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How to sleep better

Sleep, in the right quantity and quality, is a major determining factor for our physical and mental health. Without the right amount of quality sleep, your capacity to think clearly and function effectively diminishes. Good sleep recharges your batteries, so knowing how to sleep better is vital to your survival.

Ideally, we'd all get the right amount of sleep to fulfill our needs. We'd fall asleep quickly, sleep through the night uninterrupted, and wake up refreshed and on time. If we have to get up to use the bathroom, we fall right back to sleep again.

If that describes your sleep patterns, congratulations! You're part of a fortunate minority. Environmental and social stressors affect us all, and can act to disrupt many people's sleep patterns. This can play out as insomnia (the inability to fall asleep when we want to) and sleep deprivation.

Exactly how much sleep you need is a subject of debate. People are different: some need more sleep than others. My opinion is that we should let our bodies tell us how much we need, pay attention to those needs, and follow them. Listening to our bodies is a mindful practice that extends into other areas of our lives, not just when working out how to sleep better.

how to sleep better

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The dangers of sleep deprivation

In the short term, the effects of sleep deprivation are familiar to many of us: feeling groggy and cranky, with an inability to concentrate fully on the task at hand.

Longer term, sleep deprivation poses a multi-faceted and serious health threat. Specifically:

  • Memory issues: Because sleep is the time when our body organizes information, cutting this time short can make us more forgetful and is a risk factor in developing dementia.
  • Emotional changes: Besides feeling grumpy due to fatigue, sleep deprivation can increase our risk of depression and anxiety.
  • Immune function: Fighting germs is a never ending battle, requiring our body's full complement of resources. Insufficient sleep weakens our defenses, thus making us more susceptible to colds and other viral illnesses.

Want more? There's also good evidence that chronic sleep deprivation increases the risk of diabetes, low libido, accidents, high blood pressure, heart disease, and weight gain.

All from not getting enough shut eye!

How to sleep better: Napping

Research that studies human productivity in the workplace has shown that a 25 minute midday nap significantly improves worker productivity. The practice is gaining in acceptance in the Western world but still faces stubborn social stigmas against it. In my experience, rebranding your midday snooze as a "meditation break" is more palatable terminology.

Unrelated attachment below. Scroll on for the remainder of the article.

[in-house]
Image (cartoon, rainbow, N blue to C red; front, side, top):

Reluctant employers might be more easily persuaded to provide quiet spaces if they took to heart the competitive advantages that arise from it !

Until the day arrives when employers get wise to the benefits of the midday nap, we can learn to take short naps! Even a brief, five-minute catnap can revitalize you. I learned this skill when I was in college and I've used it to keep myself going when other options aren't available.

sleeping better: the joys of the catnap!

How to sleep better: Darkness in the bedroom

We sleep best in darkness. According to a study in Nature, "the invasion of artificial light into previously unlit areas is threatening the soundness of human health and sleep." Even low levels of light in our bedrooms disrupts our circadian rhythms and the production of melatonin, a hormone that regulates our sleeping / waking cycles.

Light pollution is a global phenomenon, and not just in urban areas. It takes effort to banish light and welcome darkness into the bedroom. If your sleep space is not dark, you may consider investing in blackout curtains over your windows. A cheaper option is to wear an eye mask at night.

How to sleep better: Avoiding blue light

It's helpful to avoid blue light in the hour before retiring. Blue light disrupts the production of melatonin.  Computer monitors, TVs, and phone screens contain a lot of blue light. If you must look at a screen, activate the blue filter (on phones) or wear orange-tinted computer glasses (available online or at office supply stores).

how to sleep better: avoiding blue light

How to sleep better: Avoiding alcohol!

Avoid alcohol before bedtime. Although a "nightcap" before retiring can help you fall asleep (because alcohol is a depressant), research has shown that processing that alcohol in the body is disruptive to normal sleep patterns. In addition, alcohol is a diuretic so you're more likely to have to get up to use the bathroom when you could be snoozing.

If you drink alcohol in the evenings, remember that each drink you consume requires an hour for your body to metabolize. Time your evening nightcaps accordingly!

How to sleep better: Supplements

Many folks have used these supplements before bedtime to help them sleep better. Try them out on yourself slowly to rule out any adverse reactions.

  • Melatonin supplements: regulates sleep patterns and the circadian rhythms they depend on. Available (in the United States) as an affordable over-the-counter supplement in drug stores. Follow label directions carefully, and don't use it every night lest you disrupt your body's own production of this essential hormone.

  • Valerian supplements: this affordable herbal is also available over-the-counter. It can help you relax and fall asleep. It has a smell some find unpleasant, but that's a minor quibble! Some people use it during the day to calm nerves and reduce the jitters.


good sleep is essential to good health

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